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Like many other sectors, the semiconductor industry has been hit hard by the Covid-19 pandemic. With many chip-makers based in China and Asia, the supply chain was immediately disrupted and, though productivity is improving, we have not yet returned to pre-Covid levels of distribution.

Like many other sectors, the semiconductor industry has been hit hard by the Covid-19 pandemic. With many chip-makers based in China and Asia, the supply chain was immediately disrupted and, though productivity is improving, we have not yet returned to pre-Covid levels of distribution.

 

Happily, though, semiconductor organisations look as though they will make an excellent recovery, perhaps being among the first to do so, as investors turn their heads away from now riskier sectors, like aviation. After all, semiconductor companies are prepared for peaks and troughs in demand; they’ve survived the 2008 economic crash and the 2000 dot.com bubble burst. Most will be able to withstand this new pressure.

 

But, in order to thrive post-pandemic, there is one thing organisations will undeniably need: talent. And this might be a bigger challenge than anticipated.

 

Competition from Big Tech

While investors have turned their attention to semiconductors, they are also closely watching the likes of Netflix, Tesla and Amazon – all of whom have increased their share price throughout the first half of 2020. These household names are looking for exactly the same kind of talent that semiconductor organisations seek, and have a huge advantage in already being known to candidates as exciting and innovative companies.

 

Compared to these tech giants, semiconductor businesses can seem old-fashioned. Those in the industry know this isn’t the case – after all, where would Tesla be without the components pioneered by semiconductor organisations? – but companies need to work harder at boosting their reputations as ground-breaking.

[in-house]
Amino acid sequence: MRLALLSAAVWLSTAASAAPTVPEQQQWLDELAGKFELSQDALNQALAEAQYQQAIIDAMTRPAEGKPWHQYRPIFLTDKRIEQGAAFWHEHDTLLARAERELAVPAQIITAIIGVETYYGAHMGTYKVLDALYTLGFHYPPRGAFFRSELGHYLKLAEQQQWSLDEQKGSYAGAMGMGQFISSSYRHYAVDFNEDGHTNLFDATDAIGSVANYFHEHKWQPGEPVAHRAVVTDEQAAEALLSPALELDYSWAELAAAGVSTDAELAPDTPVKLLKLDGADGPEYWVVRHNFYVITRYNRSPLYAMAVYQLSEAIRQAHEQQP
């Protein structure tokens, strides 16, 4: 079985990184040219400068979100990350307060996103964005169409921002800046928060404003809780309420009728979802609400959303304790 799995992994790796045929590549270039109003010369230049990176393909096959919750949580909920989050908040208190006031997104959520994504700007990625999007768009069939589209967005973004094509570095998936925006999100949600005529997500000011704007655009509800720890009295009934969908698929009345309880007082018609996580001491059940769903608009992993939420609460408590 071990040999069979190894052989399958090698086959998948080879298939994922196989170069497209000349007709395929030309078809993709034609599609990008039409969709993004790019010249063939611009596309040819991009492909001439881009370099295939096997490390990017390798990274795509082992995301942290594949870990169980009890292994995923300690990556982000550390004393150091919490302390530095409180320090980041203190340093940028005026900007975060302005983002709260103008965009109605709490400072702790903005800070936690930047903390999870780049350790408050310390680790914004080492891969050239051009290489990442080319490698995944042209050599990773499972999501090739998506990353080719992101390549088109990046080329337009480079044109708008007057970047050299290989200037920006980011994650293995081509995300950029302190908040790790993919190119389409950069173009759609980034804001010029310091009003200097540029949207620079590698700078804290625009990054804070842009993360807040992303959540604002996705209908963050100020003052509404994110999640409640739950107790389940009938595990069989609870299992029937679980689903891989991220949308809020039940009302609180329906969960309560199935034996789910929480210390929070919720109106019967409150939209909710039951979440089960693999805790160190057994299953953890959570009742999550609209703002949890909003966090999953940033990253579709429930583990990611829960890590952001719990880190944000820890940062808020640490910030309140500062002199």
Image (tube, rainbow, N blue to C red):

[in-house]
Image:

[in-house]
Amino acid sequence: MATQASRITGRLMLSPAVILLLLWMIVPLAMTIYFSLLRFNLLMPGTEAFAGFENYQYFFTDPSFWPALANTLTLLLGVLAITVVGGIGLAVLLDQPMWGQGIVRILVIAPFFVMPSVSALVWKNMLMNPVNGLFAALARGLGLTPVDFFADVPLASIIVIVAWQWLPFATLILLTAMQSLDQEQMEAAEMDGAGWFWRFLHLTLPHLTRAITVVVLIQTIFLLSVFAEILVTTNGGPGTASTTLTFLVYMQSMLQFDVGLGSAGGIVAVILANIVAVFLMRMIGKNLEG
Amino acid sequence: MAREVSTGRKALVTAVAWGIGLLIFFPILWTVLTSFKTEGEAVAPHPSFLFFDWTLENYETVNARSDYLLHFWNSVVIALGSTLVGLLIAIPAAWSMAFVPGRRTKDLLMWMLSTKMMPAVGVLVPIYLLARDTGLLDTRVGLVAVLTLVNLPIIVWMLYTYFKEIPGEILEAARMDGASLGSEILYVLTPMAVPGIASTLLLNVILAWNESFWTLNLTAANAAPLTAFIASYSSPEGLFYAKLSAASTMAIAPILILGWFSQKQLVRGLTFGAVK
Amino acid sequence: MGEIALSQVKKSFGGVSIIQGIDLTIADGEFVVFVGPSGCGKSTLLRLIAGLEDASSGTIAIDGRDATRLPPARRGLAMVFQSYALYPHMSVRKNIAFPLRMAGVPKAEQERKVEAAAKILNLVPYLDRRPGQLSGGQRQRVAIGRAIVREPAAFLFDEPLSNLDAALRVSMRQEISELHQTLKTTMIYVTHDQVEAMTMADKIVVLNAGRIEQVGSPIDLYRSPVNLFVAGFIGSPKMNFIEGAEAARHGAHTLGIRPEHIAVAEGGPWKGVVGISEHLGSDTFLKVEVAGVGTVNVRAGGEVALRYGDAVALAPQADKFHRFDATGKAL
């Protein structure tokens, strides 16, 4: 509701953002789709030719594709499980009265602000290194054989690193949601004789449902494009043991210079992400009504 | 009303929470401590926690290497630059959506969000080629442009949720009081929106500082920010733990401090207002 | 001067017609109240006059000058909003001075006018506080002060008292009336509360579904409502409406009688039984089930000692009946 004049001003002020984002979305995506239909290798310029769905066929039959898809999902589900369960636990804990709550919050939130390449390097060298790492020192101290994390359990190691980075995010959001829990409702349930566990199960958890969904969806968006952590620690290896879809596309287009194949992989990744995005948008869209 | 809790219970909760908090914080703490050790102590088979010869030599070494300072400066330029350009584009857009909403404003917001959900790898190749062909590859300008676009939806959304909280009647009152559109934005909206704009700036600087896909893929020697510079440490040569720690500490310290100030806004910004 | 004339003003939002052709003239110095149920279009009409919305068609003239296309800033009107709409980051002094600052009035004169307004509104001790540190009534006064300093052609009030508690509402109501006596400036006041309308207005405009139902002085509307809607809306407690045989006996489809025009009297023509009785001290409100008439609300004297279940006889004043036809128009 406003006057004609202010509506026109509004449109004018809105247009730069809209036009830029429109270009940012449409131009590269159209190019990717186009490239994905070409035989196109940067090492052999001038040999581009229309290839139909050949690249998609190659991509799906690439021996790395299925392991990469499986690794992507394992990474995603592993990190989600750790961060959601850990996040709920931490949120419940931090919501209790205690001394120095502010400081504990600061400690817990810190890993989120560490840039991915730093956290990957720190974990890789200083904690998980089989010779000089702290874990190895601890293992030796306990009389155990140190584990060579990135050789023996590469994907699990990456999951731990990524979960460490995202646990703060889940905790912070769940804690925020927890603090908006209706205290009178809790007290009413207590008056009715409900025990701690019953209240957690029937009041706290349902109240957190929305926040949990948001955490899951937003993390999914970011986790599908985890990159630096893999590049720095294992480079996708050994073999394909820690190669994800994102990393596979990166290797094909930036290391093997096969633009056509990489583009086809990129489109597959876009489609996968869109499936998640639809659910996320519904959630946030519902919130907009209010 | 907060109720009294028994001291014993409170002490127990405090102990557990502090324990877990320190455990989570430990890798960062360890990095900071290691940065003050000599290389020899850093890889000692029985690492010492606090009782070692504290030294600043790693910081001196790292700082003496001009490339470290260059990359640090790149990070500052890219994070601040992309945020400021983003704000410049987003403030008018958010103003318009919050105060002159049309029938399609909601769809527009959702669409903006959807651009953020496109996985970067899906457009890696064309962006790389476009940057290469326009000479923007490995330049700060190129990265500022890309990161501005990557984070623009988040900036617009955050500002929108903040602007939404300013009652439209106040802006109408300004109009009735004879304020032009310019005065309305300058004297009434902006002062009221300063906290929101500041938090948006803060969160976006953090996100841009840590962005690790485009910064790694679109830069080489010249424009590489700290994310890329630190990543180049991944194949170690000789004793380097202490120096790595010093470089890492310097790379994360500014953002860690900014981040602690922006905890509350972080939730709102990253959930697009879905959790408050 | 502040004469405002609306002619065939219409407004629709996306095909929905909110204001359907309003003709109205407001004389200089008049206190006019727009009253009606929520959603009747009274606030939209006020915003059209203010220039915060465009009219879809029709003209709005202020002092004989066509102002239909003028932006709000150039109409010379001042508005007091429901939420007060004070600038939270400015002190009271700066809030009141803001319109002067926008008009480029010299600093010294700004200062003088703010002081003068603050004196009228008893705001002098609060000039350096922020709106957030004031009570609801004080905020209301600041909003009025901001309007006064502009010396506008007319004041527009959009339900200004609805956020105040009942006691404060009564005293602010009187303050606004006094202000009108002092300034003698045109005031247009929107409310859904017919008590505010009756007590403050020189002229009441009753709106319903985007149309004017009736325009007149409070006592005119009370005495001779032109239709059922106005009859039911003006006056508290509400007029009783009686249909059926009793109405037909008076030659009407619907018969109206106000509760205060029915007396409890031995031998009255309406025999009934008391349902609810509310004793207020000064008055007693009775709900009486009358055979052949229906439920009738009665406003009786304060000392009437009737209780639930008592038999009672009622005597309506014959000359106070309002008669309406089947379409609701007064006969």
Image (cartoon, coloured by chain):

Candidate-centric market

It’s an oft-repeated truth in the semiconductor industry, but there are more positions available than talented individuals to fill them. This enables candidates to ‘call the shots’, making demands for higher salaries and more favourable working terms and conditions. We’ve all seen how Big Tech responds to this, with Google’s offices almost resembling playgrounds, and Twitter announcing it will allow its employees to work from home indefinitely.

 

So how will semiconductor organisations create favourable working environments? How will they communicate the internal development opportunities? While several businesses maintain a hiring freeze for the time being, there has been an influx of talent which will soon be swallowed up by the market. Semiconductor companies can take advantage of this, but only if they create a competitive employee value proposition.

 

The start-up paradox

Increasingly, candidates within the semiconductor space want to work for start-ups and SMEs. They believe this gives them more control over projects, access to better innovation and increased development opportunities.

 

And yet, available roles in start-ups are even more difficult to find – not because they don’t exist, but because these organisations are competing with Big Tech and legacy businesses, both of whom have established reputations and bigger marketing budgets. Start-ups should work with specialist recruiters to give them access to wider networks, but they must also think carefully about how they position themselves as an employer.

 

As for legacy organisations, they must ask themselves why they are seen as less innovative than their younger counterparts and consider what they can offer to entice talent. Learning and development opportunities are an obvious plus, yet too few businesses advertise this effectively to prospective candidates.

 

At MRL, we’ve been sourcing talent for the semiconductor industry for more than 20 years. This grants us with a unique overview of the market and enables us to help our clients improve their employer brand. To find out how we can help you, discover our new recruitment services, or get in touch.

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